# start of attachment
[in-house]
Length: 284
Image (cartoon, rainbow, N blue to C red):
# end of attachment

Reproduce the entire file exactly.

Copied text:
[in-house]
Length: 284
Image (cartoon, rainbow, N blue to C red):